Tag Archives: Lorna Laidlaw

Friends of Dorothy

THE WIZARD OF OZ

The REP, Birmingham, Thursday 29th November, 2018

 

Frank Baum’s classic tale comes to Birmingham in this vibrant new production from director Liam Steel. Updating the framing story of Dorothy and her aunt and uncle eking out a living on a farm to the 1950s, the early scenes of this production look like a John Steinbeck and sound like a Tennessee Williams – especially when Miss Gulch appears, drawling like a Southern belle, lording it over the po’ folk. The opening scenes serve to set up what is to come, when our plucky heroine finds herself transported to a magical land, just as elements from our everyday lives filter into our dreams.  It’s downbeat, dramatic stuff, until Dorothy (a superlative Chisara Agor) sits on her bed and sings Over The Rainbow, her face sweetly optimistic, her voice rich and soulful.  This is the first ‘wow’ moment of the evening.  There are more to come.

The tornado that drops the house on the Wicked Witch of the East, is stylistically presented, with swirling stagehands dismantling the farmhouse shack the Gale family calls home.  The frame of the house remains present throughout, a centrepiece of the set, just as home is ever at the forefront of Dorothy’s thoughts, which is where we are, in effect, in Dorothy’s noggin all along.  Sorry, if that’s a spoiler.

Chisara Agor as Dorothy_Wizard of Oz_c Graeme Braidwood

Gale force! Chisara Agor as Dorothy (Photo: Graeme Braidwood)

Chisara Agor is matched by an excellent ensemble, ranging from Dillon Scott-Lewis’s pop-and-locking, robotic Tin Man to Kelly Agbowu’s cowardly Lion, who brings the house down with her singing voice rather than her roar.  Shanay Holmes’s good witch Glinda channels the likes of Mariah and Whitney for her big numbers – the singing in this production is top notch, inducing shivers down your spine.   Jos Vantyler’s Wicked Witch of the West, with cheekbones for days and the kinkiest boots is a bitter and twisted delight, but I fell in love with Scarecrow, played by an apparently boneless Ed Wade, who brings an astonishing physicality to the role.

Jos Vantyler as Wicked Witch_c Graeme Braidwood

Wicked! Jos Vantyler (Photo: Graeme Braidwood)

The great and powerful Lorna Laidlaw doubles as the charlatan Professor Marvel, gesticulating grandly over a crystal ball, and as the eponymous Wizard, playing both with humour and warmth.

The production elements are as impressive as the cast.  Liam Steel’s Oz seems to be heavily influenced by Priscilla, Queen of the Desert, with its diva-esque apple trees and flamboyant carnivorous plants, courtesy of some brilliant design work from Angela Davies and costumes by Samuel Wyer.  The drag queen aesthetic is strong in this one.  The Emerald City is a stylish, avant garde place, like the swishiest nightclub in the gay village.  The familiar and well-worn songs are given new, contemporary arrangements by musical director George Dyer, refreshing them like a new coat of paint, but retaining, thank goodness, the catchy tunes and witty lyrics of Harold Arlen and E Y Harburg.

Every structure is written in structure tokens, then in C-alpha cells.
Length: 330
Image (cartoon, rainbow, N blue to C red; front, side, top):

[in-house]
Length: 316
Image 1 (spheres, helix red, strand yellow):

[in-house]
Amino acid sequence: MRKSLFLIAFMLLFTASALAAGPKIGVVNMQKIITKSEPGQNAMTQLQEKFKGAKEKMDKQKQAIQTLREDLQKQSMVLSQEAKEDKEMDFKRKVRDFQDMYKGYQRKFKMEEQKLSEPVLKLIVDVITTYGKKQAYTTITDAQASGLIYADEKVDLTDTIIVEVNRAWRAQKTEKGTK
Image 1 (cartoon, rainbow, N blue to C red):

With charming, sometimes scary, puppetry, and plenty of inventive scenic ideas, this production pulls off the magic trick of meeting audience expectations of the famous story while providing enough that is fresh and new and surprising to renew our acquaintance with Baum’s timeless brilliance.  The REP has gone that extra mile along the yellow brick road to produce this magical spectacle.  A wonderfully inclusive show for all the family, it will make you laugh and it will melt your heart like water on a wicked witch.

Spell-binding.

Lorna Laidlaw as The Wizard of Oz and Ed Wade as Scarecrow_c Graeme Braidwood

Wizard! Lorna Laidlaw as Oz and Ed Wade as the Scarecrow (Photo: Graeme Braidwood)

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Knowing

I KNEW YOU

The Door, Birmingham REP, Tuesday 3rd October, 2017

 

This new piece from Birmingham writer Steven Camden aka Polarbear runs for less than an hour but it’s fifty minutes of cracking theatre.  Three characters perform monologues, setting the scene, gradually revealing their history: Patrick walked out on Angela and their 8 year old son twenty years ago.  A chance sighting by one of Angela’s friends reveals that not only is Patrick back in town but he’s dying from cancer.  Angela is thrown into turmoil: should she even tell son Nathan, now 28 and a stay-at-home dad?  Is there room for Patrick in the lives he left behind?

Lorna Laidlaw (the formidable Mrs Tembe in TV’s Doctors) exudes warmth and humour as Angela.  The delivery is impeccable, the timing, the characterisations – it’s a masterclass in monologue performance and, beyond the performance, we feel for Angela and her predicament.  As son Nathan, Brenton Hamilton too demonstrates an aptitude for storytelling and comic timing.  Roderick Smith’s Patrick doesn’t yield many laughs – he’s the selfish one of the trio, but he speaks Polarbear’s lines with pathos, evincing our empathy.

When at last the characters interact, director Daniel Bailey cranks up the tension by drawing out moments of silence after all the wordiness.  Emotions burst out, voices rise and fall – Bailey does the exquisite script justice in his handling of the dynamics.

And that writing!  When she hears her ex is back, Angela describes her reaction: “I can feel my blood.  My head is full of photographs and arguments.”  Bloody wonderful.    The genius is in the detail.  Throwaway details of modern life, ironic observations of human nature, all wrapped up in this neat little package.

The piece lacks nothing, delivers everything, but I can’t help wanting more or to see it all again.

Funny, touching, insightful and fabulous.

Lorna Laidlaw (Angela) Brenton Hamilton (Nathan)_I Knew You_c Graeme Braidwood

Lorna Laidlaw and Brenton Hamilton (Photo: Graeme Braidwood)